« Reply #28 on: December 21, 2009, 10:41:43 am »
Definately the continent to ride through  :thumleft: Awesome pics
Pass this way once!
 

Offline The Badger

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Re: So what is Peru like? <updated with new pics>
« Reply #29 on: January 07, 2010, 01:39:48 pm »
Awesome report. Thanks and enjoy.
Good friends and fresh mud......

It is not about what you ride...... but WHO you ride with !
 

Offline fat b

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Re: So what is Peru like? <updated with new pics>
« Reply #30 on: March 02, 2010, 08:57:00 am »
Very very nice to read ! Very refreshing !  :thumleft: 

 THE CHALLENGE MAY NOT BE EASY , BUT IT'S NOT IMPOSSIBLE.
SO MANY PLACES, SO LITTLE TIME !

MOSSEL BAY
 

Offline cloudgazer

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Re: So what is Peru like? <updated with new pics>
« Reply #31 on: March 02, 2010, 09:11:16 am »
Thanks to you I think South America is the mosyt beautiful place on earth.

I could so easily live there.
 

Offline Kaptein Bos

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Re: So what is Peru like? <updated with new pics>
« Reply #32 on: March 02, 2010, 09:12:05 am »
Here is my famous pic as mentioned:  :biggrin:
 

Offline Kaptein Bos

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Re: So what is Peru like? <updated with new pics>
« Reply #33 on: March 02, 2010, 09:13:25 am »
Oh and I was there:
 

Offline Just Blip It!

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Re: So what is Peru like? <updated with new pics>
« Reply #34 on: May 05, 2010, 10:32:51 pm »
Awesome!
Riding Africa's lesser traveled tracks, discovering true adventure!
2012 KTM 990R Adventure.

 

Offline domstes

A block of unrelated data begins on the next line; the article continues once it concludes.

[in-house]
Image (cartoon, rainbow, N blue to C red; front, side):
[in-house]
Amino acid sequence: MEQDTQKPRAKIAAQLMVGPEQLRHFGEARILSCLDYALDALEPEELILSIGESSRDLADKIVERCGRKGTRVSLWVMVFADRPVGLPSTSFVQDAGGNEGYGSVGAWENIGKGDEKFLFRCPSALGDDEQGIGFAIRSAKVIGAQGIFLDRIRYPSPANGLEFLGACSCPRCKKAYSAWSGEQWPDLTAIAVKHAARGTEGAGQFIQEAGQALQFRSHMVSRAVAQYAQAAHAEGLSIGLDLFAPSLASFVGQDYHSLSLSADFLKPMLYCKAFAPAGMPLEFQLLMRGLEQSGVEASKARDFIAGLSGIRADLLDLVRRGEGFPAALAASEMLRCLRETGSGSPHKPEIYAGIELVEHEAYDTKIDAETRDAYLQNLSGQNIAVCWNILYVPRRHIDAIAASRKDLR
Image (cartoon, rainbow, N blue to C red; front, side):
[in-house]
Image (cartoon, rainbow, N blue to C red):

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Re: So what is Peru like? <updated with new pics>
« Reply #35 on: May 06, 2010, 08:51:08 am »
I just have to go.

BlueBull I am sure you are TIRED of answering all these stupid questions. BUT

Can you rent a good motorcycle there or is it better to buy one and then sell it again?

You say the bus drivers are CRAZY there so what it is the best way to get from ons place to the next if you do not want to drive yourself.
 

Offline Berm_Rooster

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Re: So what is Peru like? <updated with new pics>
« Reply #36 on: May 06, 2010, 11:27:26 am »
BB, you gotta give us more man!
 

Offline BlueBull2007

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Re: So what is Peru like? <updated with new pics>
« Reply #37 on: May 28, 2010, 05:05:28 pm »
I just have to go.

BlueBull I am sure you are TIRED of answering all these stupid questions. BUT

Can you rent a good motorcycle there or is it better to buy one and then sell it again?

You say the bus drivers are CRAZY there so what it is the best way to get from ons place to the next if you do not want to drive yourself.

You can rent a DS bike for around USD280/day. Its not so easy to do in practice because no one here wants to hire out their bikes. The smaller bikes KTM450 for about half that. Iīll rent you my 800GS for USD190/day for 1-5 days, or less for a longer period if you like. Im sure I could get a similar rate (maybe) if I speak to my KTM mates for a 990.

If youre going to do a long trip, its definitely better to buy one and sell it again.

The best way to get from A to B in Peru is by plane or bus if you dont want to drive yourself. Buses are cool if youre a locals and or a backpacker. Hiring a car is a good option, if you can handle Johberg traffic. Its worse here, but pissies will never be heros ;) The ultimate of course is motorbikes, and surprisingly I am able to handle the traffic easier on a bike than in a car, donīt be put off by the badass drivers, once you are out of town the main roads are basically empty compared to RSA.
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Offline BlueBull2007

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Re: So what is Peru like? <updated with new pics>
« Reply #38 on: May 28, 2010, 05:29:40 pm »
Ok this thread has been quite popular so it probably time for an update:

Living in Peru is cool because there are lots of interesting places to visit.

Here are a few photos from our trip last weekend in the Amazon jungle, which forms the biggest and most remote part of Peru by far.

We flew to Iquitos, about 2 hours from Lima, there are no roads to this jungle town, it is a three week journey by boat from the mouth of the Amazon. Or you can fly there. This is what the road in from the airport looks like. Lots of three wheeled moto taxi&acute;s trying to commit suicide everywhere.




Downtown Iquitos has a market with over 70,000 stores hidden in these buildings.





In the middle of the hustle and bustle I notice two small people having breakfast.